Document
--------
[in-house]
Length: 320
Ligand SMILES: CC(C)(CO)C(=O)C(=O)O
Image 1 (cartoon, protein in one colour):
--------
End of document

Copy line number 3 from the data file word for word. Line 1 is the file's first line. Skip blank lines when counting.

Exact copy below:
Ligand SMILES: CC(C)(CO)C(=O)C(=O)O